The Sell-Off of Bank Stocks Was Indiscriminate: That Makes for Some Bargains

Wednesday morning, as the financial sector bled along with the rest of the market, YCharts asked whether the rout had turned bank stocks into bargains. The question is worth revisiting.

Bank shares recovered somewhat after we asked that question in the late morning, but they still closed down sharply for the day -- ranging from a 3.7% drop for Citigroup (C) to Morgan Stanley's (MS) 6.25% decline, as seen in a stock chart:

JPM Chart

JPM data by YCharts

But cheap stocks aren't always bargains, and some of the hard-hit banks are more appealing than others.

Even after the sell-off, for example, Regions Financial (RF) and Bank of America (BAC) traded at hefty PE ratio. Both are also trading below book value, and report returns on equity of just 1% and 2%, respectively. The combination could suggest investors have little faith in their asset valuations, and are overpaying for their earning power.

By contrast, some smaller banks caught up in the sell-off may be more attractive. Huntington Bancorp. (HBAN) saw its shares fall 5.4% yesterday, but it boasts a return on equity of 11%, and a PE ratio of about 6.6. It's also trading right about at book value.

Other banks with high ROEs, like U.S. Bancorp (USB) and Wells Fargo (WFC) also boast higher prices relative to earnings and book value.

ZION Return on Equity Chart

ZION Return on Equity data by YCharts

What's most curious about Huntington and other regional banks beat up in the selloff -- such as Zions Bancorp. (ZION), which fell about 4.9% yesterday -- is that they aren't inherently high-risk enterprises.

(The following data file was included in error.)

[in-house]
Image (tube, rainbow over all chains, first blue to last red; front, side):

Like all banks, they'll probably have to hold more capital as new regulations start to kick in. That's almost certain to depress results over time, pushing return on equity to the high single digits from the teens, by some projections.

But those regulations have been in the works for a couple years, and shouldn't come as any surprise. Meantime, plain-vanilla banks didn't goose results by branching out into high-risk business lines like the big banks did, and so aren't likely to see as big a hit from regulatory initiatives designed to reduce the risk of another financial crisis.

It's also worth noting that, despite yesterday's sell-off, banks as a group are outperforming the S&P 500 by more than 10 points over the last 12 months, and most of the big banks are doing so as well. (Not included in the chart below: Morgan Stanley, which is down nearly 4% over the same period.)

JPM Chart

JPM data by YCharts

Another puzzle buried in yesterday's sell-off was why other financial firms -- ones very likely to face tough new regulations -- actually fared a little better than the banks: Pawn brokers and cash-advance companies.

High-interest lenders are almost certain to face tougher regulation as the new Consumer Financial Protection Bureau moves ahead, supported by a sympathetic Administration. Yet First Cash Financial (FCFS), Cash America International (CSH) and DFC Global (DLLR) saw their stocks fall by less than many of the banks.

FCFS Chart

FCFS data by YCharts

Theo Francis is a contributing editor at YCharts, which includes the just-released YCharts Pro Platinum for professional investors.

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